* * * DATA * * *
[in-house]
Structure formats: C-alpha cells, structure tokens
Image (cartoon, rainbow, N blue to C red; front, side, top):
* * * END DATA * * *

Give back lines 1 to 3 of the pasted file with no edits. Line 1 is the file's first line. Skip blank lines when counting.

[in-house]
Structure formats: C-alpha cells, structure tokens
Image (cartoon, rainbow, N blue to C red; front, side, top):